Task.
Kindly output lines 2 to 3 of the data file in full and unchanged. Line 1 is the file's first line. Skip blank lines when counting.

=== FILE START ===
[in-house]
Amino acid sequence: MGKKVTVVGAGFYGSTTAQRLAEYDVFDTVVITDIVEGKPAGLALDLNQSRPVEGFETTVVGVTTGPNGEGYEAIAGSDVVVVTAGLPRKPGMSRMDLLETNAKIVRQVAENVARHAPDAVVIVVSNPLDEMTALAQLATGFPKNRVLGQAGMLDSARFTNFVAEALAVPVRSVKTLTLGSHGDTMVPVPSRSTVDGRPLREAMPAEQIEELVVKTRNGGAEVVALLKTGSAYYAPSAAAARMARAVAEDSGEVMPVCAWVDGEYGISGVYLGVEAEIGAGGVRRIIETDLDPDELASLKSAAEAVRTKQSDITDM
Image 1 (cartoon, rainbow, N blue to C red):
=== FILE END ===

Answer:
Amino acid sequence: MGKKVTVVGAGFYGSTTAQRLAEYDVFDTVVITDIVEGKPAGLALDLNQSRPVEGFETTVVGVTTGPNGEGYEAIAGSDVVVVTAGLPRKPGMSRMDLLETNAKIVRQVAENVARHAPDAVVIVVSNPLDEMTALAQLATGFPKNRVLGQAGMLDSARFTNFVAEALAVPVRSVKTLTLGSHGDTMVPVPSRSTVDGRPLREAMPAEQIEELVVKTRNGGAEVVALLKTGSAYYAPSAAAARMARAVAEDSGEVMPVCAWVDGEYGISGVYLGVEAEIGAGGVRRIIETDLDPDELASLKSAAEAVRTKQSDITDM
Image 1 (cartoon, rainbow, N blue to C red):